TED: [Laughs] Okay.
Padres360: Well number one Denise, because you want the Burt Reynolds half-naked picture.
Padres360: But the end of the book is appropriate, because he does come out of costume at the end of the book. Because you were bugged through all that time. Requests, what do I look like without this? What do I look like without my outfit on? And he did it.
TED: That was an idea of Joe Stein to use this in San Diego Union Tribune at the time. And he edited this. I wrote it, but he edited it. Albeit I’ll say this, that Joe wrote. They did a passage in there about the zoo. And I didn’t know what to write about the zoo. And the reason they wrote a passage in there, a chapter about the zoo, is because the wanted to sell it in the zoo gift shop. And so I say, “There’s nothing I can really write about the zoo.” Okay. I started there. That was my first gig, giving away candy, Easter eggs there. So that’s the only thing Joe Stein, he’s passed away now, that’s the only thing Joe Stein wrote at the time, was the chapter for the zoo. Everything else, I did write. Because he was supposed to ghost write it and he showed me the first chapter that he wrote. And I said, Joe, I might be able to do a little bit better. So I asked Larry Lusitania, the publisher, “Do you mind if I take a crack at it? You just look at it.” He said, “Yeah. Try it,” So I wrote a few chapters, handed them in. And he said, “Oh alright. Do it.”
Padres360: He’s good.
TED: And I write much better nowadays. I cringe a little bit when I see it now.
Padres360: No. it is really good. That’s why you need to write another.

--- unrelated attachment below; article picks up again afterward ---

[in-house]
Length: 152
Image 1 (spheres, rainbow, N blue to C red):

TED: That was just over the first three years. A lot has happened since. There is so much to talk about since then.
Padres360: I’m curious. Do you have controlling interest in the book? I mean, in other words…Do you still get royalties? Could you get it reprinted and then sell it yourself on there?
TED: Oh I didn’t even think about that.
DENISE: You should write another book.
Padres360: Because I found this through Amazon. I originally, when Padres Public did the interview with you, I’m thinking, “Oh my gosh,” and I wrote one of the guys. I told him. I remember that whole story I told you about, see you being carried out after a game. And I started thinking back with all the times I remember seeing you. And I thought, I’m trying to remember what you looked like in the KGB Chicken outfit. So I started doing research. And that’s why I found the book. And I found it on Amazon. And it’s just hard to find good copies. I think people will really enjoy that and the fact that you wrote it. And if it makes you a few dollars, well my gosh. Especially people, San Diego. Because like you said, you’re not The Famous Chicken, you’ll always be the San Diego Chicken.
Padres360: Well, should we have another glass of wine…
TED: Well, I’ll suit up.
Padres360: Suit up? Awesome!
After the interview, Ted took about 15 minutes taking picture with the 3 of us in the room, all the time people were walking by outside and seeing The San Diego Chicken posing in different positions.
He signed Denise’s book, a bottle of wine, several cards and a baseball. We thanked Ted for his time and headed home. We sat down for a half hour talking about Ted. Denise was happy to have been there to have heard all of the stories he told. We were blown away by his kindness and his sincere appreciation for his fans. I was beyond happy and for a short time, I felt like the 8 year old kid who first saw him at San Diego Stadium making people laugh with his antics. It was 2 ½ hours I will never forget.
A big thank you goes out to Ted and Dave for taking time out of their schedule to talk to us. We will be sending them the entire transcript of our interview. Thanks to Brian Vitek and Brent and Denise Wells for allowing us to use their winery for the interview. Thank you to Denise for being there the entire time and for being an excellent hostess that night. Her pictures from that night are on the wall at 50 Barrels Winery autographed by our feathered friend.
Come on Padres – has it really been 4 years since you’ve invited the Chicken to Petco?
Of course, we can’t leave you hanging from last week – here is the question and answer!
Which of the follow players hit the most home runs at age 40?
Answer: Yaz hit 24 homers in 1979 to lead the pack of 40 year olds. Williams led the group with a .328 average the year he turned 40 while Yaz led in RBIs with 87.